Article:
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Race is on for the last top F1 seat in 2011
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Race is on for the last top F1 seat in 2011
Posted By: James Allen  |  19 Jul 2010   |  4:22 pm GMT  |  125 comments

This summer is unusual in that we already know the identity of most of the drivers in the top teams’ cars for next year.

Ferrari, McLaren and Red Bull will field unchanged driver line ups and the same is likely to be true of Mercedes unless Michael Schumacher has a sudden change of heart and decides to quit at the end of the season. But he has been talking about next year’s car and looks very much as though his thoughts are of racing again in 2011.

This leaves only the seat alongside Robert Kubica at Renault.

Petrov: Sitting in a highly prized seat (Darren Heath)

The team has said that it is up to current incumbent Vitaly Petrov to show that he justifies the seat. So far he has had only one points scoring result in China, although he qualified well in Turkey. But he has made quite a few mistakes. He has the worst qualifying comparison with his team mate on the grid, at 10-0 and the average gap is 0.8 secs.

There is no doubt that the team is suffering from not having an established runner in the second car to allow it to fight Mercedes and Ferrari in the constructors’ championship. Kubica has scored 83 points already, more than Massa and not far behind Rosberg. Even if the second driver had contributed half the number of points of Kubica, the team would be ahead of Mercedes in fourth place.

On top of that running a rookie driver is always a compromise on development and this was certainly a problem over the winter testing period. Williams has a similar problem with fellow GP2 graduate Nico Hulkenberg, who is not matching up to Rubens Barrichello.

There is quite a big gap in performance from Renault back to the next fastest team, which is Force India. So it is very much a case of there being a top five teams and then the rest.

Petrov started the season qualifying 1.7 secs slower than Kubica, but did a strong job in Turkey to qualify 0.4s away. In Canada with the walls lining the track and clearly fearful of making a mistake, he was 1.7s off again, but in the last two races he has been 0.4s away from the Pole, albeit in Silverstone that equated to ten places on the grid.

There is a strong business case for retaining Petrov, as Lopez and Genii are active in the Russian market and it is an untapped resource of new funding into the sport. Lopez’ business model is to offer sponsors joint venture business deals with his own companies and with Renault corporate, so they get far more than just a sticker on a car. The return on investment of such deals is attractive to certain companies, who wouldn’t perhaps normally think of sponsoring an F1 team. The team has such a deal going with Russian car company Lada at the moment.

It is also helpful to Bernie Ecclestone to have a Russian driver as he tries to get a Grand Prix in Russia, possibly as soon as 2012.

Renault is a team on the up. Since the takeover by Gerard Lopez’ Genii group and the arrival of Eric Boullier as team principal, the team has rediscovered its confidence and the technical department has been praised by rivals for the constant updates they are bringing to the car. Lopez plans further investment in the team and it seems a fairly stable platform.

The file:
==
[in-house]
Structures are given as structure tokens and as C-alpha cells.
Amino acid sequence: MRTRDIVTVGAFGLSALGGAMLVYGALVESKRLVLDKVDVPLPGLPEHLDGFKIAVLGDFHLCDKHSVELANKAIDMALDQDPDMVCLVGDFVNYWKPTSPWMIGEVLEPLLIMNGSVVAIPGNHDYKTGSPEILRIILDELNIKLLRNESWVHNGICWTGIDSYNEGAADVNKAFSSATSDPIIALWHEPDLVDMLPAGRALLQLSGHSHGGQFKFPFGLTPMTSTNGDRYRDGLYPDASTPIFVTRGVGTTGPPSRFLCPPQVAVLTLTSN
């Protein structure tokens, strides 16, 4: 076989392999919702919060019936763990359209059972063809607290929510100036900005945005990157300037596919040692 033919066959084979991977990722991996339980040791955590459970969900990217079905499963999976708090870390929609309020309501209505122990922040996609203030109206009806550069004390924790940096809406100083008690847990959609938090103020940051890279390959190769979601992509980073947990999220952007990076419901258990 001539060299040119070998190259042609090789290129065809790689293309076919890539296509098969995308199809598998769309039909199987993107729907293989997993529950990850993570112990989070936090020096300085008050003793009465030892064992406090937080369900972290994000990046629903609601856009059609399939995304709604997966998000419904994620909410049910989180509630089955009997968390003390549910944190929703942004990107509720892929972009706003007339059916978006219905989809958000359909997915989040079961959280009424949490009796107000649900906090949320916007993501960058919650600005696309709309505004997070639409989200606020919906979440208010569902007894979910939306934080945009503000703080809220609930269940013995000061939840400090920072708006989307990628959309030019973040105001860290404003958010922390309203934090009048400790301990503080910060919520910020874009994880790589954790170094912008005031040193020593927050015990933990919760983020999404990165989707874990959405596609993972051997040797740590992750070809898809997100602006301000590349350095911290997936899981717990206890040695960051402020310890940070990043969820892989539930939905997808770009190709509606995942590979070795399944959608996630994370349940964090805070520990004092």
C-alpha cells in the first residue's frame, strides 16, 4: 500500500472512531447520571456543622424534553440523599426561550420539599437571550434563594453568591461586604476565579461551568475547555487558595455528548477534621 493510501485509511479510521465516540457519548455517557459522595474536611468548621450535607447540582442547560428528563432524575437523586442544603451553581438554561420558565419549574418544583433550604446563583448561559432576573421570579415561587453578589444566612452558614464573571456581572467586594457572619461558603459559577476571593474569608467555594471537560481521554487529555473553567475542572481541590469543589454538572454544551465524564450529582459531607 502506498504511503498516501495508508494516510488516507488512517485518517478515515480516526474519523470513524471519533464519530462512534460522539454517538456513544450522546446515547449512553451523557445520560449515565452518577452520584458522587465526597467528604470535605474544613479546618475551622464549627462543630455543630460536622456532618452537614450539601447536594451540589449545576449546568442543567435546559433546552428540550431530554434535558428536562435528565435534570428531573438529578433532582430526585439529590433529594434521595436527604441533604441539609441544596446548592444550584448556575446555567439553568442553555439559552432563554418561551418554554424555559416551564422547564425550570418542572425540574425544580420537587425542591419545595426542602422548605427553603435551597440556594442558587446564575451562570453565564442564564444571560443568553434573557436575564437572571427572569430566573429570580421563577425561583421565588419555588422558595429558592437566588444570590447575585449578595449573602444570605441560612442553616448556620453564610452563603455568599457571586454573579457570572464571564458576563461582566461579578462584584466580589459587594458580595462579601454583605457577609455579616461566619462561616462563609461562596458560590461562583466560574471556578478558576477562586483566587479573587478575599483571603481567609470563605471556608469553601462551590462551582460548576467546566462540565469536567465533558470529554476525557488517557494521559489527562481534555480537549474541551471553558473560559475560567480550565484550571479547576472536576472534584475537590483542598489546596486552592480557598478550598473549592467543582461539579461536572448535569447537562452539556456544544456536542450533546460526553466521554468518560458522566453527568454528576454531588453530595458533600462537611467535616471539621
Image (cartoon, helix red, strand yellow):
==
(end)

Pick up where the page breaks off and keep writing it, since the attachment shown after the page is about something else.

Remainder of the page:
As a result the Petrov seat is attracting quite a bit of attention. Auto Motor und Sport has suggested that Kimi Raikkonen is thinking about a comeback with the team and will decide by the Finnish rally, but I don’t see Raikkonen coming back and I don’t see Lopez wanting to pay him.

Meanwhile Adrian Sutil, Timo Glock and Heikki Kovalainen are also candidates.

Lotus have indicated that they would like to keep Kovalainen. Sutil is faster than Glock and, after a few years of being erratic, is having quite a good season in the Force India, having scored 35 points so far. He also brings some sponsorship money from Medion and is probably about ready to move into a top team if he is ever going to make that move. He’s the one I would go for if I was looking to make a change on sporting grounds.

Lopez told me earlier this year that he wanted to “build the team around Kubica” and anyone coming in would need to establish the terms on which he would be employed.

It is an exciting opportunity and there is likely to be a lot of chat about it, but I see Renault waiting until the end of the season to see how Petrov does. I think they would like it to work with him, but he has a lot of ground to make up.

It is the key seat in the driver silly season, but there is no hurry for Renault.

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  1. john g says:

    what about klien? he’s still a pretty useful driver. and there was talk in the winter gone about heidfeld joining his old BMW team mate too…

    1. Howard Hughes says:

      Nah..he’s like Liuzzi for me. Never shone, despite numerous admirers…

      1. Christos Pallis says:

        Klien didn’t really do anything in his time in F1. He has driven the HRT teams car in testing and driven the socks off it but then times are compared to Chandok and Senna two rookies who are not benchmarked. Basically Klien is not a safe bet.